2011 Korea Grand Prix Gold China Han Li 21–18, 21–16 1st place, gold medalist(s) Winner
2012 Korea Grand Prix Gold Indonesia Aprilla Yuswandari 21–10, 21–10 1st place, gold medalist(s) Winner
2013 Chinese Taipei Open Chinese Taipei Tai Tzu-ying 21–16, 21–9 1st place, gold medalist(s) Winner
2013 Korea Grand Prix Gold South Korea Bae Yeon-ju 19–21, 21–15, 9–21 2nd place, silver medalist(s) Runner-up
2014 German Open Japan Sayaka Takahashi 17–21, 21–8, 12–21 2nd place, silver medalist(s) Runner-up
2014 Chinese Taipei Open China Liu Xin 21–13, 21–18 1st place, gold medalist(s) Winner
2015 German Open Spain Carolina Marín 21–15, 14–21, 21–6 1st place, gold medalist(s) Winner
2015 Thailand Open Singapore Liang Xiaoyu 21–17, 22–24, 21–8 1st place, gold medalist(s) Winner
2016 Syed Modi International Japan Sayaka Sato 12–21, 21–18, 21–18 1st place, gold medalist(s) Winner
2016 New Zealand Open Japan Aya Ohori 21–15, 21–17 1st place, gold medalist(s) Winner
2016 Korea Masters South Korea Lee Jang-mi 21–8, 21–10 1st place, gold medalist(s) Winner
  BWF Grand Prix Gold tournament
  BWF Grand Prix tournament

Record against selected opponents

Record against year-end Finals finalists, World Championships semifinalists, and Olympic quarterfinalists. Accurate as of 21 January 2021.[11]

References

  1. ^ a b c d "SUNG Jihyun - Biography". 2009 Guangzhou Asian Games Organizing Committee. Retrieved 9 March 2012.
  2. ^ a b "SUNG Ji Hyun". tournamentsoftware.com. Retrieved 24 January 2012.
  3. ^ "SUNG Jihyun". Incheon 2014 official website. Retrieved 9 July 2015.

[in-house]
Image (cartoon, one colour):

4. ^ "손완호-성지현 12일 화촉…대를 이은 배드민턴 부부 최초 탄생". www.chosun.com (in Korean). 13 December 2020. Archived from the original on 21 December 2020. Retrieved 21 December 2020.
  5. ^ Hearn, Don. "SUNG JI HYUN – Carrying on a Family Tradition". Badzine.net. Retrieved 24 January 2012.
  6. ^ "Korea wins Sudirman Cup badminton final on Gold Coast". Gold Coast Bulletin. Retrieved 29 May 2017.
  7. ^ Alleyne, Gayle (19 March 2017). "BWF Launches New Events Structure". bwfbadminton.com. Badminton World Federation. Archived from the original on 1 December 2017. Retrieved 29 November 2017.
  8. ^ Sukumar, Dev (10 January 2018). "Action-Packed Season Ahead!". bwfbadminton.com. Badminton World Federation. Archived from the original on 13 January 2018. Retrieved 15 January 2018.
  9. ^ "BWF Launches Super Series". Badminton Australia. 15 December 2006. Archived from the original on 6 October 2007.
  10. ^ "Yonex All England Elevated To BWF Premier Super Series Event". www.ibadmintonstore.com. Archived from the original on 2 October 2013. Retrieved 29 September 2013.
  11. ^ "Ji Hyun Sung Head to Head". bwf.tournamentsoftware.com. Retrieved 20 February 2020.